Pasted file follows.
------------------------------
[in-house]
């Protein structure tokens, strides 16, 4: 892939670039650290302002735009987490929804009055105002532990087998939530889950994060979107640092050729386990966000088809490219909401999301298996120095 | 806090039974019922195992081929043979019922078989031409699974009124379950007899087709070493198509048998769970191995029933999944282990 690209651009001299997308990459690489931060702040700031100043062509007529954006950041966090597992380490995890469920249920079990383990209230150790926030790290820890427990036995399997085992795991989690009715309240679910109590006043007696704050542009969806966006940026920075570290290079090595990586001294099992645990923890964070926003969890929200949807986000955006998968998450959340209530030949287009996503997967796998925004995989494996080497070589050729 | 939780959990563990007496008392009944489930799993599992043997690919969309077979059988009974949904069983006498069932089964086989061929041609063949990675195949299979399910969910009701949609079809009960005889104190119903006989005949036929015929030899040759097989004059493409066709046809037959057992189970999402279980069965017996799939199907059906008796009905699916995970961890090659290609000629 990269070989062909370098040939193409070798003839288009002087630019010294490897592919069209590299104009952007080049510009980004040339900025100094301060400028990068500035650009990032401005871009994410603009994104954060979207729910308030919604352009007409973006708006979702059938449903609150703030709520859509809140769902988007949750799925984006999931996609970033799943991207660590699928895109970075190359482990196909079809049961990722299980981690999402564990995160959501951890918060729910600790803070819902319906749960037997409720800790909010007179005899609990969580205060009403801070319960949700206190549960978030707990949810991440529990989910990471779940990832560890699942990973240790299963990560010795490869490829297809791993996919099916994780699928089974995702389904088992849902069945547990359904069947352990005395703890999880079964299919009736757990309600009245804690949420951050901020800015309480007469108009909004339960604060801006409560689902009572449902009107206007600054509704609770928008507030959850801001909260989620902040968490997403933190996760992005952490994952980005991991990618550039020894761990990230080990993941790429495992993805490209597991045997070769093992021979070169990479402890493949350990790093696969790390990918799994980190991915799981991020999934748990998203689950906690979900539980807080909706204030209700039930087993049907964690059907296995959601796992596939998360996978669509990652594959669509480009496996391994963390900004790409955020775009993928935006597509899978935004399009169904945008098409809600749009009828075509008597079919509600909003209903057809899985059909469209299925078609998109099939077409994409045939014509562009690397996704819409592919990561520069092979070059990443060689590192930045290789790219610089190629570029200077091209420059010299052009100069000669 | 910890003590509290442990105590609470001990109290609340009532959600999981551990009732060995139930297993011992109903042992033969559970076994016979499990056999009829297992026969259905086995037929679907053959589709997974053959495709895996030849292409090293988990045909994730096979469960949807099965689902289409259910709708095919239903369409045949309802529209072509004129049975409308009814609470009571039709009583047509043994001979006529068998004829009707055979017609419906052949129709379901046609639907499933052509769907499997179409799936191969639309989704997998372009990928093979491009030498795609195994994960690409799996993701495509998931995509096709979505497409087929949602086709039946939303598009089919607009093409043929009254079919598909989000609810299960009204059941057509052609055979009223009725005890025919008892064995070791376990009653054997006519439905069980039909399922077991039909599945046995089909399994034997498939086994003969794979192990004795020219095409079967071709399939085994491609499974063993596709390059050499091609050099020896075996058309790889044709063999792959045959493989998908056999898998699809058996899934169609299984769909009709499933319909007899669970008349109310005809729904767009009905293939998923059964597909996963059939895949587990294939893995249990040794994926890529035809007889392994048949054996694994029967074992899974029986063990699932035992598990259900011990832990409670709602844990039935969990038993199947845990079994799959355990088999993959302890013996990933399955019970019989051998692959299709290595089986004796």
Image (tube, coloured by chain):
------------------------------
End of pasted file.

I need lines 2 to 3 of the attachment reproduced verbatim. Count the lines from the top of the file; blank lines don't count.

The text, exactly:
């Protein structure tokens, strides 16, 4: 892939670039650290302002735009987490929804009055105002532990087998939530889950994060979107640092050729386990966000088809490219909401999301298996120095 | 806090039974019922195992081929043979019922078989031409699974009124379950007899087709070493198509048998769970191995029933999944282990 690209651009001299997308990459690489931060702040700031100043062509007529954006950041966090597992380490995890469920249920079990383990209230150790926030790290820890427990036995399997085992795991989690009715309240679910109590006043007696704050542009969806966006940026920075570290290079090595990586001294099992645990923890964070926003969890929200949807986000955006998968998450959340209530030949287009996503997967796998925004995989494996080497070589050729 | 939780959990563990007496008392009944489930799993599992043997690919969309077979059988009974949904069983006498069932089964086989061929041609063949990675195949299979399910969910009701949609079809009960005889104190119903006989005949036929015929030899040759097989004059493409066709046809037959057992189970999402279980069965017996799939199907059906008796009905699916995970961890090659290609000629 990269070989062909370098040939193409070798003839288009002087630019010294490897592919069209590299104009952007080049510009980004040339900025100094301060400028990068500035650009990032401005871009994410603009994104954060979207729910308030919604352009007409973006708006979702059938449903609150703030709520859509809140769902988007949750799925984006999931996609970033799943991207660590699928895109970075190359482990196909079809049961990722299980981690999402564990995160959501951890918060729910600790803070819902319906749960037997409720800790909010007179005899609990969580205060009403801070319960949700206190549960978030707990949810991440529990989910990471779940990832560890699942990973240790299963990560010795490869490829297809791993996919099916994780699928089974995702389904088992849902069945547990359904069947352990005395703890999880079964299919009736757990309600009245804690949420951050901020800015309480007469108009909004339960604060801006409560689902009572449902009107206007600054509704609770928008507030959850801001909260989620902040968490997403933190996760992005952490994952980005991991990618550039020894761990990230080990993941790429495992993805490209597991045997070769093992021979070169990479402890493949350990790093696969790390990918799994980190991915799981991020999934748990998203689950906690979900539980807080909706204030209700039930087993049907964690059907296995959601796992596939998360996978669509990652594959669509480009496996391994963390900004790409955020775009993928935006597509899978935004399009169904945008098409809600749009009828075509008597079919509600909003209903057809899985059909469209299925078609998109099939077409994409045939014509562009690397996704819409592919990561520069092979070059990443060689590192930045290789790219610089190629570029200077091209420059010299052009100069000669 | 910890003590509290442990105590609470001990109290609340009532959600999981551990009732060995139930297993011992109903042992033969559970076994016979499990056999009829297992026969259905086995037929679907053959589709997974053959495709895996030849292409090293988990045909994730096979469960949807099965689902289409259910709708095919239903369409045949309802529209072509004129049975409308009814609470009571039709009583047509043994001979006529068998004829009707055979017609419906052949129709379901046609639907499933052509769907499997179409799936191969639309989704997998372009990928093979491009030498795609195994994960690409799996993701495509998931995509096709979505497409087929949602086709039946939303598009089919607009093409043929009254079919598909989000609810299960009204059941057509052609055979009223009725005890025919008892064995070791376990009653054997006519439905069980039909399922077991039909599945046995089909399994034997498939086994003969794979192990004795020219095409079967071709399939085994491609499974063993596709390059050499091609050099020896075996058309790889044709063999792959045959493989998908056999898998699809058996899934169609299984769909009709499933319909007899669970008349109310005809729904767009009905293939998923059964597909996963059939895949587990294939893995249990040794994926890529035809007889392994048949054996694994029967074992899974029986063990699932035992598990259900011990832990409670709602844990039935969990038993199947845990079994799959355990088999993959302890013996990933399955019970019989051998692959299709290595089986004796």
Image (tube, coloured by chain):